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Remember why you signed up to study medicine

Dr David Turner

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Today I did a home visit.

‘So what?’ I hear you cry. Well, this visit was not requested by the patient, a demanding family member, nor by an over-anxious carer. Neither had I initiated the visit to tick a load of outstanding QOF boxes. No, I did this home visit just to see how a very elderly patient of ours, who we have not seen for a long time, was getting on. Without wishing to make you want to vomit, I can honestly say it was one of the most satisfying things I have done for weeks.

Having just had a CQC inspection, the previous month has seen our practice team stressed and exhausted, spending every minute of time we have not been seeing patients wading through a fetid quagmire of protocols and guidelines, and enduring every imaginable bureaucratic instrument of torture inspectors can think up to torment us with. I don’t need to tell you this though - preparing for CQC is a truly miserable experience, up there with unanaethetised root canal surgery as a life experience.

Sometimes we need to find a small islet of green grass, stand quietly, breathe deeply and remember why we wanted to do this

Nobody signed up to do medicine to spend what will amount to several working days writing protocols to justify the direction in which female octagenarians should blow through egg shells, or undertake online learning modules to prove you know how to undertake the most arse-wipingly simple tasks. Speaking for myself, I chose medicine because I was interested in understanding how the body worked, how it went wrong, how to fix it and how to be able to do something useful with these skills at the end. I suspect most other doctors did the same.

The tsumani of mind-destroyingly tedious paperwork the Government is throwing at us is never going away. In fact, it is going to worsen, as their aim is to break our spirit and as we slowly drop one by one, continue to encourage the private-sector cancer to metastasise, and take over and run our surgeries like franchises of a burger chain.

Sometimes we need to climb out of the quagmire and find a small islet of green grass, stand quietly, breathe deeply and remember why we wanted to do this.

You never know, you might get a smile and thank you from a patient to make it all seem worthwhile.

Dr David Turner is a GP in North West London

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Readers' comments (7)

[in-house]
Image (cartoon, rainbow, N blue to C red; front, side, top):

• Bang on the mark David. Nobody will miss it till its gone.

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  • Well said.
    However the medical profession will sink ‘holding the can’ for succumbing to unevidence based government nonsense.

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  • Spot on and refreshing. It is all about controlling doctors and de-professionalizing them. Even a plumber can choose the brand of screwdriver he uses but we are not allowed to choose the brand of medicine. Sadly some of the doctors have forgotten this and have become administrators making rules to make clinical medicine both risky and impossible.

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  • I still get small moments of joy at work. It is almost never from just doing the medical stuff right. It is almost always from knowing I have connected with someone, heard their distress and responded with human kindness. The acknowledgement of a small squeeze of the hand or a wry smile can be the best payment I get all day.

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  • Remember why you signed up to study medicine?
    Yes I do what I did not was the realisation that I was meant to be a "saint" working amongst "sinners" - managers, regulators, media, politicians, CQC,.......

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  • Nostradamus horoscopes | Hospital Doctor30 May 2019 7:24pm
    OR
    Maybe your just the carpet-broom
    Left by the careless slavey.

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  • Sadly all that your speak of was created by our own colleagues. To frightened to see patients but happy to make or hell for others.

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